Apple (NASDAQ:AAPL) has had an incredible turnaround in 2019. It started the year off with a sales warning that sent the stock into freefall. But, by year end, shares have more than doubled from that low point. And the party hasn’t stopped yet.
In fact, with the recent announcement of a potential trade deal with China, one of Apple’s big headwinds appears to be lifting.
Apple shares are up nearly $90 — a 40% move — just since September. Even after this exponential rise, analysts are predicting yet more gains in 2020. It’s time to fade the trend, however, and start locking in profits on Apple. Just as sentiment got way too negative a year ago, people are becoming much too exuberant today.
Will Apple Win The Next Decade?
As we move into the new decade, it’s important to keep some perspective. Just 10 years ago, heading into the 2010s, Nokia (NYSE:NOK) was ranked in the top 10 for most powerful consumer brand in the world. Now, people have forgotten about Nokia almost entirely.
Apple won’t fall off as quickly as Nokia did, but a ton can change in ten years in the tech world. People largely buy the same food, drink the same beverages, buy the same apparel brands that they did a decade ago. However, technology evolves so quickly that a towering giant like Blackberry (NYSE:BB) or Nokia can virtually disappear in a decade.
To that end, imagine what Apple’s flagship product will look like in 2030. Will we even be carrying smartphones around? Or will the product category have been totally reinvented by then?
That’s why Apple’s lack of innovation since Steve Jobs’ passing is so troubling. On many fronts, Apple has allowed rivals to beat it with new tech hardware. As long as the smartphone remains in its present form and its existing consumers stay loyal, Apple will make a lot of money; But it’s not a business that deserves a high price-earnings (P/E) ratio.
There’s a good reason that folks were pricing Apple in the 12-14x P/E range for so long before the stock finally took off in 2019. If Apple doesn’t come up with another act soon, it will be categorized with the same old stale tech label that caused stocks like Intel (NASDAQ:INTC), Cisco (NASDAQ:CSCO) and Microsoft (NASDAQ:MSFT) to trade like dead money for nearly the entirety of the 2001-15 time period.
Too Big To Grow
Apple shares are currently selling for 24x trailing earnings and 19x forward earnings. That doesn’t sound terrible at first glance, But remember that Apple sold for under 15x earnings on many occasions over the past five years.
Additionally, it becomes really hard to grow earnings once you are Apple’s size. The company earned $64 billion last quarter. Uber (NYSE:UBER) by contrast, has a market cap of just $52 billion. When you make more money in one year than the entire market cap of a large tech rival – or the GDP of a small country – it becomes hard to grow.
For Apple to get to 15x earnings at the current share price, it would need to tack on nearly $20 billion a year of additional earnings. Not revenues, but earnings. How many more smartphones sales would that be? Apple doesn’t have another big thing going, either. It’s not bringing in big revenues from cloud, advertising or a hot new hardware product — as tech rivals have surpassed them on various fronts.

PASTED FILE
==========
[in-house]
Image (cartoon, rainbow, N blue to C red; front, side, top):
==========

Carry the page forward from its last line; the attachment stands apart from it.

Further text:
An Out-Of-Control Momentum Trade
Apple’s stock has clearly gone into a parabolic sort of move. It’s simply unnatural for the country’s largest stock to run up 40% in just a few months. The value of its actual operating business surely hasn’t gone up by $400 billion since September, even if the market cap has.
With the stock market roaring higher into year end, there’s a lot of money going into index funds. What’s the largest constituent in your average S&P 500 or NASDAQ ETF? That’s right, Apple. Additionally, billionaire investor Warren Buffett has bought a ton of Apple in recent years, and his endorsement has given the stock the greatest sort of celebrity backing.
For folks wanting to get long stocks into a raging bull market, Apple has been a no-brainer pick. And, as the share price inexorably climbs, people feel it is a sure thing and throw more money at it. Whenever a correction hits, though, money will flow out of Apple at record speed.
Final Thoughts on Apple
Just one year ago at this time, investors were fearful for Apple’s future. The company’s business had gone into a temporary slump, and shares went into freefall following a surprise profit warning in January.
It was Apple’s darkest moment in years, and many bears proclaimed that the Apple era was winding down. Instead, the company quickly turned things around after that terrible quarter, and the share price moved 80% higher within 12 months. In fact, Apple’s turnaround was one of the most surprising sentiment swings in a large-cap stock in many years.
Tap back into that feeling from January, though, for a second. It wouldn’t take that much for the market to feel that sort of negativity again. Trade deal or no trade deal, Apple is struggling in China. It’s price point is too high to work in many emerging markets, in fact.
The services strategy doesn’t appear to be a cure-all. Apple can keep riding its smartphone supremacy in a few mature developed countries for at least a few more years. But without something new, Apple’s inflated stock price will come crashing back down.
At the time of this writing, Ian Bezek owned Intel stock. You can reach him on Twitter at @irbezek.